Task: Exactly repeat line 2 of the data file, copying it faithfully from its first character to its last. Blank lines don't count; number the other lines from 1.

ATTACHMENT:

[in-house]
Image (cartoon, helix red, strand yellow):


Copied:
Image (cartoon, helix red, strand yellow):